Tourism in Israel is slowly recovering following the war with Lebanon last summer that caused the number of visitors to plummet, said Pini Shani, Ministry of Tourism director of North American operations. The ministry recently relocated its Southeast regional office to Atlanta. Shani reported that among tourists from North America in the first six months of 2006, 38 percent were Jewish, 27 percent Protestant, 15 percent Catholic and the rest nondenominational Christian. North American tourism to Israel in January and February 2007 is down 13 percent from those months last year. Generally more Protestants travel to the Holy Land than Catholics, who appear to “first go to Rome and then they might consider going to Israel. Obviously we’d like to see more Catholics come to Israel,” he said. The big challenge is stabilizing tourism as “when there’s a crisis over here, Christians cancel. The Jews come to see family and friends.”

On a journey like pilgrims through the centuries, six Catholic journalists from across the United States absorbed this church and biblical history as they toured towns including Nazareth, Capernaum, Jaffa and Tiberias on their way from Tel-Aviv to Jerusalem, on a trip sponsored by the Israel Ministry of Tourism.

Throughout the region, the quiet presence of the Franciscans—who are the Catholic custodians of holy sites—of Catholic schools and guest houses, of Jerusalem crosses and inscriptions in Latin throughout the land, are comforting signs of the vital presence of Roman Catholicism.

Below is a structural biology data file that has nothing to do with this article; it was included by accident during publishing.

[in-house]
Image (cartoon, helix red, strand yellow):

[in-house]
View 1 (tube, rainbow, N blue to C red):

Pilgrims Sail Sea of Galilee

At the Caesarea National Park, the group of journalists caught a glimpse of the Roman Empire when Christ lived as they wandered through ruins of the town built of stone and protected by a moat in Caesarea. Overhead two strikingly long lines of birds soared across the blue sky, as Israel is a major migration route between Europe and Africa. Roman ruins include an aqueduct, capitals, the hippodrome, King Herod’s palace and a copy of a stone declaring Pontius Pilate was Roman procurator of Judea, the only evidence of him outside of the Bible. The group traveled through the lush countryside and up the Galilean foothills to Nazareth, where the massive Church of the Annunciation has a shrine identified as the cave where Mary lived, and the main church features Marian artwork donated by many nations. The town has large Christian and Muslim populations and also a Jewish quarter.

They arrived that night at the northern resort town of Tiberias near the Lebanon border at a hotel overlooking the sea. The next morning, they sailed across the Sea of Galilee (technically a large lake) along with a group of Romanian-American pilgrims praising God through songs, including “Shout to the Lord” and “The Man From Galilee.”

On the other side of the lake, they visited the Yigal Allon Center, which offers a wooden Galilean boat from the first century that was discovered on the bottom of the lake. The group visited the Mount of Beatitudes with a vista overlooking the verdant countryside laced with flowering mustard seed plants and fig trees. As shops closed Friday evening for Shabbat, the Hebrew Sabbath, children in Tiberias donned costumes to celebrate Purim, the Jewish holiday marking Queen Esther’s deliverance of the Jews in 356 B.C. from Haman’s plot to annihilate all Jews of the Persian Empire. Later, the journalists passed the hillside identified as where Jesus drove the swine into the sea.

Franciscan Welcomes Pilgrims at Biblical Site of Transfiguration